/CHECK THE SPREADSHEET: Talking Tour Eats with Cassie Ramone, Sadie Dupuis, and Chloe Chaidez

CHECK THE SPREADSHEET: Talking Tour Eats with Cassie Ramone, Sadie Dupuis, and Chloe Chaidez

 

One surprisingly common tour complaint is not being able to poop for the first few days. Probably due to a mix of public restroom anxiety and not eating like your normal self would, tour constipation doesn’t sound that bad compared to “fire ass,” something my former tourmates have suffered from after consuming too many gas station hot dogs. Even worse though, Darkwing’s fill-in drummer vomited for a day and a half after he solely ate ramen noodles for a week straight. It should go without saying that staying sane and healthy on the road begins with figuring out how to eat well while on a budget, but it’s not always as simple as it might sound. Around the time I started experiencing a weird cold and cough on Sharkmuffin’s last tour, our manager joked that my daily diet of coffee for breakfast, a quinoa salad for lunch, and wine for dinner might have something to do with it. With the help of our road foodie experts Cassie Ramone, Sadie Dupuis of Speedy Ortiz and Sad13, and Chloe Chaidez of Kitten we can hopefully learn to avoid all of these tour ailments.

Cassie Ramone

Vivian Girls/The Babies

First of all let me preface this by saying that I love both cheap eating and fancy food, I’m an omnivore with no dietary restrictions (although I try to eat healthy or vegetarian more often than not… key word here is “try” though), and I love both local cuisine and the comfort of chain restaurants. Sometimes when you’re on tour for an extended period of time, McDonald’s and Subway help so much to regain a sense of familiarity. I’m also a huge fan of Denny’s. If I’m in the South or Midwest, Waffle House is essential. I love getting a double order of hashbrowns with onions, cheese and jalapenos, and some over medium eggs. It’s the only American sit down restaurant I can think of where you can eat a lot and end up paying less than $10 after tip.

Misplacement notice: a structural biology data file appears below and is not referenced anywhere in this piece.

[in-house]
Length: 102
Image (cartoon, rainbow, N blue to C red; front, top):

A good tour habit is going to Whole Foods in the morning and stocking up on healthy snacks and beverages for the day. If you shop smart it can end up costing less than stopping for lunch. That said, stopping for lunch can be an essential break during a long drive. In most of the groups of people I’ve toured with, we’ve enjoyed stopping for lunch at local diners in tiny roadside towns. The menus are similar enough to each other, and the food can be hit or miss, but sometimes you’ll end up with the best BLT you’ve ever had in your life or something. And often, the menu prices seem unchanged from the ’90s!

In the Pacific Northwest, I always make sure to get pho from an authentic Vietnamese place. As far as I can tell, the Pacific Northwest does it best in America.

I know this probably goes without saying, but street cart tacos in LA and mission burritos in San Francisco are both amazing!

There’s a lot of amazing food in Texas, but I always try to stop by this diner Magnolia Cafe in Austin. Their “mag mud” (queso, salsa, black bean dip and guac layered) is sooo good.

Ok this is a weird pro tip, because I’m sure not many people are going to tour Alaska anytime soon, but if you go to Fairbanks they (weirdly) have incredible Thai food! I had maybe the best Tom Yum soup I’ve ever had when I was there!

Hit up a steak house in the Midwest, just for fun.

My last tip is for people traveling through New York! If you play or stay near a halal deli/bodega/truck, order chicken over rice! It’s $5 or $6 for a massive portion, delicious, and tastes great the next day too.

Sadie Dupuis

Sad13, Speedy Ortiz